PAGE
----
Ever wonder how your health system can afford all the buildings, equipment and sky-high compensation for the leadership while personnel cuts and “upgrades” to your EMR slows you down to the point where your productivity is less than half what it could be?
The term you’re looking for is “financial engineering.”
It’s the business strategy of increasing profitability without increasing productivity within a business organization.
Think of it as using the primary business as a front for less visible activities which actually drive profits.
Banks are a great example of this. They don’t make money making loans and holding deposits, They make money by being part owners of the Federal Reserve and reaping the steady, safe dividends.
Car dealers don’t make money selling cars, they make money selling and working service contracts.
And your employer doesn’t make money on your expertise either. The margin on selling your expertise may seem large to you, but it’s not nearly big enough to satisfy your employers.
Your labor merely provides cover to drive revenue to your health system’s high margin service lines—cosmetic services, patient information, and real estate.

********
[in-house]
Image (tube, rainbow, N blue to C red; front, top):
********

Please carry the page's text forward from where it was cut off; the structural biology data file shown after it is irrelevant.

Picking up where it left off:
You’re a cost center to them, not a revenue center. That’s why they don’t really care about your productivity—only your expenses.
Unfortunately for you, your labor is all you have to sell.
You’d do better if you sold it in an open market.
Use your employer for debt reduction through loan repayment and as an apprenticeship to help you make the transition out of training.
After a few years, move on.
Telemedicine. Cash-only practice. Locum Tenens. There are options everywhere.
And the clinicians who take advantage of them are far less miserable than those who are employer.
Don’t let yourself be used.
You’ve worked too hard.